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Propaganda and Foreign Policy - Essay Example

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Propaganda is an important tool used my many nations, including the US, in their respective foreign policies. Given that politics on an international level entails a great deal of competition amongst nations, policies have to be framed in deciding the kind of resources that a nation will compete for by adopting different political strategies. …
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Propaganda and Foreign Policy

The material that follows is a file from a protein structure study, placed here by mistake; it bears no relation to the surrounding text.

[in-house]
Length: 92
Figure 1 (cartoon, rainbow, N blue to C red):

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Download file to see previous pages According to Noam Chomsky (1999), “within the reigning social order, the general public must remain an object of manipulation, not a participant in thought, debate and decision” (Noam Chomsky, 1999, p.131). Propaganda is also defined as, "Propaganda is not the same as advertising or art. Art today is preoccupied with abstract ideas; advertising tries to get you to buy something. Propaganda, on the other hand, is interested in making you believe something. It is the stronger societal force; once you start believing in an idea or ideology you will buy anything – metaphorical or literal – it tries to sell you. Once the public was scared into believing Iraq was trying to acquire weapons of mass destruction, they didn’t seem to mind that they were being fed lies over and over. Untruths and misleading statements were quickly accepted as reinforcement and justification for a particular point of view, even when proven false. Propaganda is that strong" (MLC, 2012, p.1). This paper will examine this statement in determining the views of society with reference to the roles played by the elites and the media. The relationship between the mass media and propaganda is indeed complex and by no means a linear process. The paper will consider whether the mass media reflects the ruling elite ideology and whether it is inevitable. An analysis will be made of how development in communications impacts propaganda and whether such developments make propaganda more or less important and effective. An examination will also be made of whether instant communication options such as satellite TV provide the truth concerning events in the context of representing objective reality or mediating the reality. Harold Lasswell, who was a sociologist, had written after the end of the First World War that there was a distinct relationship amongst the war and propaganda. He was of the opinion that moist Americans had just started learning at that time, although not a century later: “A new and subtler instrument must weld thousands and even millions of human beings into one amalgamated mass of hate will and hope. A new will must burn out of the canker of dissent and temper the steel of bellicose enthusiasm. The name of this new hammer and anvil of social solidarity is propaganda. Talk must take the place of drill; print must supply the dance. War dances live in literature, and at the fringes of modern earth; war propaganda breathes and fumes in the capitals and provinces of the world.” Another example is of what happened, immediately after the end of the Second World War; Germany had become an important economic and political global resource for the allied nations, particularly the US and the USSR. It is correct to say in this context that all battles are fought on two fronts; the war front and people’s minds, through propaganda. It is thus true that the nice people and the bad people can be held guilty of misguiding their citizens through fabricated, inaccurate, subjective and exaggerated news and information, with the prime objective of receiving support and a feeling of legitimacy. Propaganda serves well in rallying citizens for a given cause but it is mostly done through exaggeration and misrepresentation relative to the given issues in order to get people’s approval and support (Hale, 1975). Propaganda cannot be said to be new in war. It has always been a part of all conflicts and is considered a means that is used by governments for demoralizing their enemies and mobilizing their nations. It is evident that while fighting a war, there is a need for the creation and maintenance of sentiments amongst soldiers and ...Download file to see next pagesRead More
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